One of the most hotly debated new applications that 6G’s considerable horsepower will impact in future is the metaverse. Yet, for all that the pioneering technology is being touted, perhaps its most perplexing aspect for many, however, is what it is, exactly. In short, the metaverse can be described as a network of virtual worlds where people represented by avatars can live, work and move freely, explained Petra Söderling, formerly a senior advisor at Business Finland.

“It can be seen as an extension to the internet, a continuation of the lives we currently lead with our faces and fingers connected to a digital screen, our financial and other assets in a digitised form, and tracking our biological events via sensors on our bodies – biohacking. In the metaverse, your connection to the digital world is immersive,” she added.

Business is duly getting on board. It has been predicted that by 2026, 30 per cent of the business world will have products and services ready for the metaverse and 25 per cent of people will spend at least one hour a day there. With this in mind, digital agency Movya is enthusiastically wading into the arena, backed by some big names. Developed in collaboration with the global giant Amazon and fellow Finns Qvantel and – yes – Nokia, Movya Storyverse is an immersive B2B solution that seeks to meet the needs of today’s remote and hybrid work models.

The metaverse promises unforetold opportunities for the business world.

Business Finland

“Movya Storyverse is built with years of experience of leveraging leading-edge 3D technologies for large-scale industrial companies’ needs of standing out with differentiating, engaging and impactful experiences for customer and employee experience,” says Marko Anttonen, CEO of Movya.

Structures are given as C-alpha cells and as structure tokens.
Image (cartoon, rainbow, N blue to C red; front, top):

The platform has already been used by several industry leaders, including the Finnish marine and energy equipment manufacturer Wärtsilä, for delivering large-scale events such as the launch of a sustainable fuels engine that drew thousands of global participants. 

“This particular campaign has strengthened our position as a leader within the maritime decarb space – allowing us an interactive platform to highlight a new product while engaging directly with members of our target audience,” told Marit Karstensen, marketing and communications director at Wärtsilä Marine Power.

A thing of the future

6G Flagship is also developing solutions for the Internet of Things (IoT), the online network of connected physical objects that exchange data with other devices and systems. The consortium is coordinating the five-million-euro SuperIoT project that harnesses the dual-mode operation of radio and, innovatively, light in order to develop a flexible IoT system that produces resource-efficient solutions.

6G is tipped to have a tremendous impact on the 4th Industrial Revolution.